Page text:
55 and over 2,247.7 -6.0 97.5 1,303.4 -2.0 59.6 944.3 -3.9 37.9
Note:Related CANSIM table 282-0087.

Labour force characteristics for both sexes, aged 15 and over
  October 2005 November 2005 October to November 2005 October 2005 November 2005 October to November 2005
  seasonally adjusted
  Labour force Participation rate
  '000 % change % change
Canada 17,423.1 17,403.4 -0.1 67.2 67.0 -0.2
Newfoundland and Labrador 253.3 255.9 1.0 59.0 59.6 0.6
Prince Edward Island 76.6 76.6 0.0 68.5 68.5 0.0
Nova Scotia 486.3 482.4 -0.8 63.8 63.3 -0.5
New Brunswick 390.0 388.2 -0.5 63.8 63.5 -0.3
Quebec 4,083.5 4,069.7 -0.3 65.8 65.5 -0.3
Ontario 6,887.1 6,864.0 -0.3 68.0 67.7 -0.3
Manitoba 607.3 608.6 0.2 68.2 68.4 0.2
Saskatchewan 505.0 507.0 0.4 67.4 67.7 0.3
Alberta 1,869.2 1,872.0 0.1 72.6 72.5 -0.1
British Columbia 2,264.6 2,278.9 0.6 65.3 65.6 0.3
  Employment Employment rate
  '000 % change % change
Canada 16,267.1 16,297.7 0.2 62.7 62.8 0.1
Newfoundland and Labrador 214.8 217.6 1.3 50.0 50.7 0.7
Prince Edward Island 68.1 68.5 0.6 60.9 61.2 0.3
Nova Scotia 445.2 442.8 -0.5 58.4 58.1 -0.3
New Brunswick 347.0 351.5 1.3 56.8 57.5 0.7
Quebec 3,743.9 3,745.1 0.0 60.3 60.3 0.0
Ontario 6,445.6 6,447.0 0.0 63.6 63.6 0.0
Manitoba 580.3 583.4 0.5 65.2 65.5 0.3
Saskatchewan 478.5 480.3 0.4 63.9 64.2 0.3
Alberta 1,794.9 1,795.1 0.0 69.7 69.6 -0.1
British Columbia 2,148.9 2,166.5 0.8 62.0 62.4 0.4
  Unemployment Unemployment rate
  '000 % change % change
Canada 1,155.9 1,105.7 -4.3 6.6 6.4 -0.2
Newfoundland and Labrador 38.5 38.3 -0.5 15.2 15.0 -0.2
Prince Edward Island 8.5 8.1 -4.7 11.1 10.6 -0.5
Nova Scotia 41.2 39.6 -3.9 8.5 8.2 -0.3
New Brunswick 43.0 36.7 -14.7 11.0 9.5 -1.5
Quebec 339.7 324.6 -4.4 8.3 8.0 -0.3
Ontario 441.5 417.1 -5.5 6.4 6.1 -0.3
Manitoba 27.0 25.3 -6.3 4.4 4.2 -0.2
Saskatchewan 26.5 26.6 0.4 5.2 5.2 0.0
Alberta 74.4 76.9 3.4 4.0 4.1 0.1
British Columbia 115.7 112.4 -2.9 5.1 4.9 -0.2
Note:Related CANSIM table 282-0087.

Labour force characteristics for both sexes, aged 15 and over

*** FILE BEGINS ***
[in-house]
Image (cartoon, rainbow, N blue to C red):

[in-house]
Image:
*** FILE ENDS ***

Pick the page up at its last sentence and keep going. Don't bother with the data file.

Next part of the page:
November 2004 November 2005 November 2004 to November 2005 November 2004 November 2005 November 2004 to November 2005
  unadjusted
  Labour force Participation rate
  '000 % change % change
Canada 17,211.0 17,331.0 0.7 67.3 66.8 -0.5
Newfoundland and Labrador 246.5 251.0 1.8 57.3 58.5 1.2
Prince Edward Island 75.0 75.0 0.0 67.4 67.0 -0.4
Nova Scotia 485.2 480.7 -0.9 64.0 63.1 -0.9
New Brunswick 384.9 385.3 0.1 63.3 63.0 -0.3
Quebec 4,056.8 4,051.9 -0.1 66.1 65.2 -0.9
Ontario 6,784.3 6,834.6 0.7 68.1 67.4 -0.7
Manitoba 610.1 606.5 -0.6 69.0 68.1 -0.9
Saskatchewan 508.9 503.2 -1.1 68.1 67.2 -0.9
Alberta 1,849.5 1,870.6 1.1 73.3 72.5 -0.8
British Columbia 2,209.7 2,272.2 2.8 64.8 65.4 0.6
  Employment Employment rate
  '000 % change % change
Canada 16,035.6 16,295.0 1.6 62.7 62.8 0.1
Newfoundland and Labrador 207.8 214.2 3.1 48.3 49.9 1.6
Prince Edward Island 66.9 67.0 0.1 60.2 59.9 -0.3
Nova Scotia 444.0 442.1 -0.4 58.5 58.0 -0.5
New Brunswick 350.0 352.2 0.6 57.5 57.6 0.1
Quebec 3,703.7 3,735.1 0.8 60.3 60.1 -0.2
Ontario 6,357.4 6,458.8 1.6 63.8 63.7 -0.1
Manitoba 580.8 583.1 0.4 65.7 65.5 -0.2
Saskatchewan 484.6 478.8 -1.2 64.9 64.0 -0.9
Alberta 1,767.5 1,795.6 1.6 70.1 69.6 -0.5
British Columbia 2,072.9 2,168.0 4.6 60.8 62.4 1.6
  Unemployment Unemployment rate
  '000 % change % change
Canada 1,175.4 1,036.0 -11.9 6.8 6.0 -0.8
Newfoundland and Labrador 38.8 36.8 -5.2 15.7 14.7 -1.0
Prince Edward Island 8.1 8.0 -1.2 10.8 10.7 -0.1
Nova Scotia 41.3 38.6 -6.5 8.5 8.0 -0.5
New Brunswick 34.9 33.1 -5.2 9.1 8.6 -0.5
Quebec 353.2 316.8 -10.3 8.7 7.8 -0.9
Ontario 426.9 375.8 -12.0 6.3 5.5 -0.8
Manitoba 29.4 23.4 -20.4 4.8 3.9 -0.9
Saskatchewan 24.3 24.4 0.4 4.8 4.8 0.0
Alberta 81.9 75.0 -8.4 4.4 4.0 -0.4
British Columbia 136.8 104.1 -23.9 6.2 4.6 -1.6
Note:Related CANSIM table 282-0087.